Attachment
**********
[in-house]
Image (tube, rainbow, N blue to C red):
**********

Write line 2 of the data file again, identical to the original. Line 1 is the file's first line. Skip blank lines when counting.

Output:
Image (tube, rainbow, N blue to C red):